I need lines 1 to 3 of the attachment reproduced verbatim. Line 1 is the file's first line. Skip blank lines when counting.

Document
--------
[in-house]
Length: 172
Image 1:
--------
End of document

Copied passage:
[in-house]
Length: 172
Image 1: